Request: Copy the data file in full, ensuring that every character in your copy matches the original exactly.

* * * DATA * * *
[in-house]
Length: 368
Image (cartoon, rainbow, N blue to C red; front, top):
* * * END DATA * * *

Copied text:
[in-house]
Length: 368
Image (cartoon, rainbow, N blue to C red; front, top):